“YOU’LL MOCK DEATH BUT ONCE!”
I ask the Muscogee Creek Nation of Oklahoma to excuse me for speaking about your relatives. I was asked by Indian Country Today Media Network, and I am moved to do so prayerfully. The act of tampering with the graves of your ancestors affects us as well, and we support you. I am deeply bothered by it, I want to know things and I want to say some things from what I heard and read.
Why are the Poarch Creek Indians of Alabama digging up Creek graves at Hickory Ground so they can build a casino? This is an insult to everything we stand for as American Indians, and it affects my people in in its insensitivity and ignorance. It gives our enemies the ammunition they need to discredit all of us and our attempts to preserve and protect our sacred graves. When the Creek Nation were forced out of Alabama onto their Trail Of Tears, like many tribes, groups of them scattered and were not removed, but had to fend for themselves and hide from the government. To their credit, after many years they held together and fought the government in court and reclaimed federal recognition against all odds in 1982. The toll this takes on a tribe cannot be fully understood by most of us until something like this happens.
When is an Indian no longer an Indian? When he no longer hears his past relatives speaking in his own language, when the music of his people past has been replaced with the noise of another culture, when he has replaced the bones of his own people with a casino! Where are your voices of reason? Have you not noticed there is a huge movement in Indian country now to save sacred sites? How could you not know that the graves of your ancestor go to the heart of your culture? They tell you who you are, they tell your children who they are, and they are the key to your ties to this earth, to the past and the future. They are literally the identity of your nation, those who fought to keep their way of life together and sacred for you. These are not hollow words—these are the very beliefs that make us unique people.
How does your action affect my tribe and culture? Our enemies will only credit one tribe for anything they consider a good deed, mainly if it affects them in a positive light. On the other hand they will condemn all tribes when one tribe does something they consider respectable or normal to them. When one tribe blows it, they blow it for all of us. That’s how it works. Now they will use you as the example of what all tribes do. When we tell them our graves are sacred they will turn to us and say, Well why did the Poarch Creek tribe dig up their ancestors and move them to build a casino? Yes, you become the standard they will judge us by. If you have lost the voices of reason in your own tribe to do what is best for your own culture, then it becomes our responsibility to inform you that what you are doing is wrong and unacceptable for the best interest of all of us.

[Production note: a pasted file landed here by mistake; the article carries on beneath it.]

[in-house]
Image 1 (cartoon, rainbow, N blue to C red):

The Muscogee Creek Nation of Oklahoma are telling you to stop moving their relations from their resting grounds. You are making old wounds new again. But now I am here to tell you stop it on behalf of my loved ones as it is also insulting to our culture and counter to the struggles we are now having to preserve the dignity of our loved ones and their graves. You don’t live in a vacuum and your actions hurt all of us.
I see a greater problem related to these casinos when it come to preserving our culture and making the all-mighty dollar. Too many are being operated by non-Indians who have no understanding of our cultures. Too many times decisions are being made that should impact Indians but don’t because the decisions are being made by non-Indians. But the worst case scenario would be if non-Indians are making decisions that could negatively impact a tribe to other governments. Even to degrade their culture because these decisions were made by non-Indians under the nose of who are supposed to be Indian and the watchdogs of a culture. Where is your cultural conscience and cultural integrity? I believe the Muskogee Creek of Oklahoma have full right, a moral authority and a responsibility to stop you from yourself. Don’t you know that even the trees and the grass that grow where we bury the dead are full of the life force of the forefathers? We believe and know that when you walk on ground you carry the ghosts of your past into your homes on the soles of your shoes. Be responsible to them for us and mainly for yourselves for your future lies in the graves you disrespect.
Dan (SaSuWeh) Jones is the former chairman of the Ponca Tribe of Oklahoma. He is a filmmaker and former vice chairman of the Oklahoma Indian Affairs Commission, appointed by former Oklahoma Governor, Brad Henry.